The fund’s history can be traced back to 2020 when we initially started investing from the private balance sheet of our family office. However, recognizing the pressing need for a transformed capitalist system that prioritizes environmental and social wellbeing, we made the strategic decision to transition into establishing an institutional impact tech fund in accordance with Article 9 of SFDR. Our motivation behind this shift is rooted in the goal to catalyze positive change, foster innovation, and contribute to a more sustainable and equitable future.

As AENU, we are deeply committed to promoting equity, transparency, and innovation within the venture capital landscape. To date, we have successfully made 28 investments across our core science driven investment clusters: carbon removal, energy, food & agriculture, enterprise, and education.

Why do you think now is the right moment to launch this fund?

Humanity is at a turning point when it comes to financing the technology that is needed to contain the climate crisis, avoid biodiversity loss and level the playing field when it comes to access to opportunity and education. It is time to bring Art. 9 impact tech investing further towards the mainstream of the private capital markets and mobilize more capital. That being said, we saw strong investor interest in our first year at AENU: Our first closing of the fund has been 60% oversubscribed.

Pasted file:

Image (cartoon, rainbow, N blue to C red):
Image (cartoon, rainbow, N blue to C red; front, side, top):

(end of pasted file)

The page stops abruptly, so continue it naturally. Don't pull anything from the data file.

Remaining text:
What is your unfair advantage? What do you bring besides money?

The first thing that makes us different is that we actually have start-up experience. We founded, scaled and exited several companies in the past 20 years, including unicorn Forto. As Sifted pointed out in an article last year, although there are many “founder friendly” funds,  the vast majority of them have still never actually run a startup or even worked in one. We are proud to be part of the 1.8% who have. The second thing is that when it comes to impact funds, what sets us apart is that we have a scientific in-house impact team and are committed climate activists, having co-founded Leaders for Climate action, which has evolved into the largest entrepreneurial community combating climate change in the EU with 2,000 company pledges. Finally, we are experienced institutional VC investors having invested  €400M as VCs with top quartile return.

What do you look for in entrepreneurs?

We have a rigorous impact screening process. We only invest in intentional, inclusive and ambitious founders who are building impact technologies that have the potential to reduce 100Mt CO2e at scale or to significantly improve the wellbeing of millions of people around the world. The size of the impact-opportunity must be interlocked with the company addressing a EUR-bn commercial market opportunity.

Can you give a few examples of startups you previously invested in and why?